This article is part of a series in which OECD experts and thought leaders — from around the world and all parts of society — address the COVID-19 crisis, discussing and developing solutions now and for the future. Aiming to foster the fruitful exchange of expertise and perspectives across fields to help us rise to this critical challenge, opinions expressed do not necessarily represent the views of the OECD.
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WHO Director-General Tedros Adhanom Ghebreyesus warns of a third, and even fourth, wave of COVID-19 infection. We are far from out of the woods, he advises, despite falling death rates in a smattering of countries. Moreover, we can be assured that the pandemic will be coupled with a dramatic increase in mental illness, impacting several billion persons globally, up from roughly 800 million in 2017. Our worldwide mental illness “hangover” is projected to linger for years to come.
Aside from inflicting the psychic wounds resulting from social isolation, economic hardship, and loss, new evidence suggests that COVID-19 may also impact the human brain directly, triggering symptoms of severe mental illness, including hallucination and delusion. New research reveals that as many as one in eight COVID-19 patients develop some form of mental illness—including a smaller number (with no prior history of psychosis), who develop severe psychotic symptoms.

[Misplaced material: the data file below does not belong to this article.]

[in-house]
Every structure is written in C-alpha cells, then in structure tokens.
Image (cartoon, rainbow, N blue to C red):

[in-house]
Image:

Read the report: Health at a Glance: Europe 2020 – State of Health in the EU Cycle and see the latest OECD data, recommendations and policy advice on Adult Mental Health
As a champion of brain research through One Mind and the Healthy Brains Global Initiative, and in the aftermath of my son’s 30-year lived experience with schizophrenia, I believe that this moment holds great potential for exploring linkages between COVID-19 and the brain. As a private investor, I believe (along with global leaders I have enlisted to join me) that the pandemic offers the opportunity to advance our understanding of physiological mechanisms driving psychosis and other neurological pathology, with new approaches to science and financing.
I reached out to many of the neuroscience researchers across the United States, Canada, Israel and Sweden with whom One Mind has engaged with over the last 27 years, and even some we’ve supported through our Rising Star initiative that underwrites high-risk, out-of-the-box research into brain illness. Were they similarly optimistic about the window that COVID-19 has opened into the investigation of psychosis and other diseases of the brain?
Indeed, there are currently many conversations about how to test a range of hypotheses linking COVID-19, psychosis and other neuropathology: could an over-active immune response be driving neurological symptomatology? Could the COVID-19 disease process push neurotoxins through the blood/brain barrier? Could auto-antibodies—which appear to play a role in COVID-19 "long haulers”—produce psychotic symptoms? Do COVID-19 patients who develop psychiatric symptoms have particular vulnerabilities that COVID-19 exploits? And, if so, what is the nature of these vulnerabilities? Can we harness new mRNA platform technologies, which catapulted forward the development of the Moderna and Pfizer vaccines, to investigate the impact of the COVID-19 virus on the brain?